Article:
The IMF has once again called on Nigeria to phase out government fuel subsidies, citing better use of the funds on social safety nets like healthcare, education and freeing up fiscal resources for infrastructural projects.
Historically, fuel subsidies are an extremely sensitive issue which can have various impacts on economic growth and investor confidence. Following the IMF’s recent report, the finance ministry was quick to reject the idea of completely dropping the popular fuel rebate on the basis that the state imports all fuel and includes the subsidy as a cost of doing business.
The money factored into energy imports as a fuel subsidy for 2018 was at an eye-watering level of N713 billion, far higher than the budgets for education or healthcare, according to reports. The cost of the fuel subsidy fluctuates according to global oil prices, meaning that inflation in the international oil markets can spike the subsidies overnight, risking unexpected drains on public coffers.
At the time of writing, Nigeria’s economy is improving and the IMF projects full-year GDP growth results of 2.1% in 2019 and 2.5% in 2020. When balanced out against the prospect of negatively impacting growth, one can understand the caution over abandoning fuel subsidies.
Let’s take a look at both sides of the coin. What if the finance ministry decides to listen to the IMF? In this scenario, it could reinvest the fuel subsidy into social support infrastructure and fiscal savings. These savings could be used to improve oil refining resources and lessen Nigeria’s reliance on imported processed fuel, thereby boosting the local oil industry’s domestic market instead of selling foreign fuel.
This process would take a long time and risk the likelihood of instability if there is a backlash but in the long term, it would increase Nigeria’s fuel independence.
Having said that, inflation could rise along with fuel prices, negatively impacting economic growth and consumer spending on fuel. So, if subsidies were to be removed, it’s likely the policy change would be in phases to avoid unexpected economic shocks.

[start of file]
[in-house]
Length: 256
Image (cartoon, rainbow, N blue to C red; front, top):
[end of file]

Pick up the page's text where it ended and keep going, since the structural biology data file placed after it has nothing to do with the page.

And what if the government decides against the IMF’s advice? The risk of outright instability could be lowered and the economy can stay on track to grow as expected, but the vulnerability of oil price spikes remains a constant short-term threat amid a steadily climbing national debt. Nigeria’s gross national debt is seen rising to 31.4% in 2020, according to the IMF. That’s compared to 28.4% in 2018 and 30.1% in 2019.
When total external debt is factored in, Nigeria faces a cash-flow dilemma that’s not easily solved. External debt, including private and public sector debt, is seen rising to $69.8 billion for the full-year 2019, from $63.4 billion in 2018, while foreign reserves stand at an estimated $38.5 billion.
Increased risks to the financial and banking sectors can’t be ruled out if the state doesn’t improve its fiscal strength and readiness to rescue any systemic entities.
The good news is that the economy is back on track towards sustainable growth. If a policy solution to the fuel-subsidy predicament is found which increases fiscal strength while avoiding inflationary pressures, there could be long-term benefits to Nigeria’s economy.